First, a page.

Presentation Exchange: A Leap Toward Interoperability for the Decentralized Identity Ecosystem
The decentralized identity ecosystem is on its inevitable path toward widespread adoption and meaningful use. There are a growing number of interpretations and implementations of various decentralized standards. These standards are at different stages in their development lifecycles, harmonizing gradually. As a result, there are lots of data, from lots of sources, that, without a little planning, won’t play nicely with other data. It is exciting to see the enthusiasm around the standards we know and love and to watch the proliferation of verifiable and portable data. With implementation boundaries as a hindrance, data interoperability will continue to be difficult. We could lose much utility and portability of the data. Luckily, in the midst of this excitement, a great opportunity presents itself: to forge bridges between data islands and promote the cross-pollination of methodologies for generating and exchanging verifiable data. Enter: the Presentation Exchange specification.
The Claims & Credentials working group has been hard at work on the Presentation Exchange specification for months. The effort, starting in January 2020, began to provide a solution to the question, “How should we request and exchange credentials across implementations and systems?” Though a few solutions have been proposed before, none have been as inclusive in the data model and transport agnosticism, or able to attract broad adoption, as Presentation Exchange. The working group is working towards the first release — at the time of writing, we have made over 100 commits and closed 37 GitHub issues.
The specification prides itself on its adaptability, aiming to be “both credential format and transport envelope agnostic, meaning an implementer can use JWTs, VCs, JWT-VCs, or any other credential format, and convey them via OIDC, DIDComm, CHAPI, or any other transport envelope.” At the same time, Presentation Exchange has garnered the interest and support of many key-players throughout the ecosystem, a step crucial to fulfilling the ambitions of the specification.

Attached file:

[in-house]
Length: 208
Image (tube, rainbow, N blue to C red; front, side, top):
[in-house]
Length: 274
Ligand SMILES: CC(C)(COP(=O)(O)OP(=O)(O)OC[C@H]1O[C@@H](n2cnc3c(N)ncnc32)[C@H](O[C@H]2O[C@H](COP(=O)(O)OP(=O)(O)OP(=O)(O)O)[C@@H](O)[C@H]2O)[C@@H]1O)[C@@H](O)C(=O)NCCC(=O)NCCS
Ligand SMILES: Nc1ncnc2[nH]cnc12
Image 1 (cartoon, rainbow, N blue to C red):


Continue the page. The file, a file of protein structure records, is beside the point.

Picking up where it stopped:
You may be wondering, what’s up with the title? Isn’t interoperability much broader than sharing credentials? Yes! Absolutely. Sharing credentials is only part of interoperability. Universal wallets, secure data storage, transports, identifiers, DIDComm, and so many more pieces are paramount to thriving in an interoperable, decentralized ecosystem. At the heart of many of these interactions, we find ourselves exchanging verifiable data. By driving a standardized method for requesting and returning verifiable data, which adapts to many data models and functional use cases, we cross an important threshold in making interoperability possible. Without working software to back up the specification, it is merely an interesting idea. We need to go further — to make it an interesting reality.
Recognizing how important the Presentation Exchange spec and reference implementations could be for accelerating real interoperability and healthy competition, we, on the Workday Credentials team, are involved in the specification’s development and are investing significantly in one of its first demonstrable implementations. Workday has been a very active member of DIF since 2019. Our interests lie across the DIF stack, with a focus on standards compliance, affording us opportunities to interoperate with community members and standards adopters alike. Towards that end, we have open-sourced much of our code and specifications relating to decentralized identity. For Presentation Exchange, we have recently pushed a Golang representation of the object model that can be useful in building and validating presentation definitions, submissions, and verifiable presentations (as defined by the W3C standards). We are building out more Presentation Exchange logic that we plan to open source in the coming months. We intend to adopt Presentation Exchange at Workday as we gain confidence in the specification and its other implementations. We are considering different ways Presentation Exchange can be useful in interoperating with verifiable data that does not originate on our platform.
We are looking forward to seeing others contribute reference implementations in other languages and we encourage you to consider contributing to Presentation Exchange and DIF! For more information, please reach out to DIF, or jump in on the public GitHub. To join DIF and contribute directly to the Presentation Exchange specification or implementations, visit here. And for an overview of the design process and goals of the project in video form, see this recording from DIF Virtual Face to Face Meeting in June 2020 (P.E. segment starts at 3.00):